What Does Qualified Even Mean?

The world is organized to confuse us, then sell us things and have us work for free. There is good news: much of philosophy concerns how our unreflective habits of thought and action distort our experience of the world.

The primary nugget I want convey is that due to the complicated play of ideology, money, and power working through our media, we are confused. We lack the ability to speak plainly about our normative standards.

We Don’t Know What Qualified Means.

Does Clinton have the capacity and disposition to wield government in a way that promotes institutions of freedom?

That’s the question. It’s a contested concern. We‘ll arrive at different answers concerning this question, but let us not get this wrong. The question at issue is whether she has what it takes to wield government to promote institutions of freedom. That is what governing in a democracy is. To set up a world where rational autonomy can be at home, without being submerged under fetters of coercive dogma or coercive hunger. The particulars of what this looks like depends on the particulars of the pre-modern hell from which we are trying to let freedom escape.

This sounds dogmatic, but the ability to promote institutions of self-determination is the only self-consistent source we have to separate good government from bad government, right from oppression. Every other standard that poses as a normative standard relies on some dogma that cannot be rationally examined and is thereby imposed on a skeptical mind.

Modernity aims at 1) families who are emancipated from the sways of kinship, “No, Dad, I don’t have to be a dentist because you were a dentist. Mom, I don’t have to stay home with the kids because you did,” 2) a market society that allows us to buy and work where we want to buy and work in a way that is moderated by society’s needs, and 3) a political sphere that allows us the freedom to come together as equal citizens and hash out laws so that our market society does not impose undo demands on our other modes of freedom, e.g., household labor.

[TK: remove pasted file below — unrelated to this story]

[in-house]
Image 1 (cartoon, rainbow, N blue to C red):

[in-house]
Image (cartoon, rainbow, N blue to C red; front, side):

This is a normative project, unfinished and always struggling to promote institutions of right over institutions of oppression.

Clinton’s qualifications are not about the titles she earned. Titles are simply conditions. They allow people to promote freedom AND/OR oppression. Titles are like a police officer’s badge. Good police officers have badges, and bad police officers have badges. That’s what makes them good or bad police officers.

To talk about Clinton’s qualifications, let’s take Secretaries George Marshall and Henry Kissinger.

At different points in their careers, they used their titles to promote institutions of freedom and institutions of oppression. The balance of where they ended is a contested discussion, but what ought not be contested is that the normative standard of whether they did their job is whether they used the government to effectively promote institutions of freedom over prevailing institutions of oppression.

In this late spring, people are graduating. Many, I suspect, are going to confuse their degrees for qualifications. Degrees may be conditions for action, that is, the world will not let you do certain things if you don’t have the appropriate paperwork, but whether these diplomas are qualifications turns on whether you are disposed to marshal these conditions in ways that promote institutions of freedom.